So, what about the airline industry in general? It will change, like everything else, it has to. If you pay attention to the current news at all, you will hear that if the federal government does not come up with a bailout for the airlines by October 1, some estimates are that as many as 225,000 airline workers will lose their jobs this fall. This is a sad reality.
With the new remote world of conducting business, business travel is going to shrink significantly. We are now able to conduct many business activities we previously only conducted in person. All travel has been reduced and will remain limited for many people out of well-founded concerns for safety. Given the probability of bankruptcies and consolidation, fewer airlines will be flying in the future. Consumers will have less choice for air travel. It will be completely reshaped, as it was after the Twin Tower Attacks and other economic downturns. Some experts believe that this is a short-term dim outlook and that it should help fuel another period of growth and profitability long term. COVID-19 has changed our lives in so many ways. Air travel and how we do it is clearly an example of that. As always, we are in this together.
We are Susan Ramsey and Amie Goldberg, both practicing attorneys and nurses here at the Romano Law Group. Here is a little more about each of us:
Susan Ramsey is both an attorney and an RN. Ms. Ramsey’s professional experience began as a Registered Nurse in the Intensive Care Unit at Yale New Haven Hospital. While pursuing her Bachelor’s Degree, she was a counselor with the New Haven Rape Crisis Program. During her time with the Program, Ms. Ramsey counseled sexual assault survivors and performed seminars for local police departments, universities, and high schools. During her time working as a registered nurse, Ms. Ramsey decided to attend law school. Ms. Ramsey graduated from CUNY Law School, and has practiced law in several different State and Federal Courts. She is a Florida Heath Care Risk Manager and a member of the Palm Beach County Sober Home Task Force. Ms. Ramsey actively litigates cases involving catastrophic injuries and wrongful death on behalf of survivors, cases include injuries suffered by victims of professional negligence, product liability and medical negligence.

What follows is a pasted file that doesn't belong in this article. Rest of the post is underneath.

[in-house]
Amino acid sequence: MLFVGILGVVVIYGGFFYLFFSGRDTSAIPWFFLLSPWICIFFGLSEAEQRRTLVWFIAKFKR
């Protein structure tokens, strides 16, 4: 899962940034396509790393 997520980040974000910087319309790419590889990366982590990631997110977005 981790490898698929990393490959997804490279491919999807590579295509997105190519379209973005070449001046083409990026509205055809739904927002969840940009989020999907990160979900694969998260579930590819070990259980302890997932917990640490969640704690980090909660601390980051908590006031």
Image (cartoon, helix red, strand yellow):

Amie Goldberg is both an attorney and a certified APRN. After completing a Bachelor of Arts Degree at Whittier College, Ms. Goldberg attended nursing school at Emory University. Ms. Goldberg’s professional experience started as a Registered Nurse at Egleston Children’s Hospital taking care of children with congenital heart disease. After a few years, she continued working in all areas of the hospital while attending Kennesaw State University on weekends in order to get her Master’s Degree in Nursing with a specialty of Primary Care Nurse Practitioner/Family Nurse Practitioner. During her time as an APRN, Ms. Goldberg decided to attend law school at St. Thomas University in Miami, Florida. Since graduating, she has mainly practiced in the areas of personal injury and worker’s compensation, fighting for the rights of injured people. Since joining the Romano Law Group, Ms. Goldberg has been the Director of the Opioid Litigation Project. Ms. Goldberg also practices in the area of medical malpractice and nursing home negligence, bringing an inside perspective and knowledge to help get justice for our clients.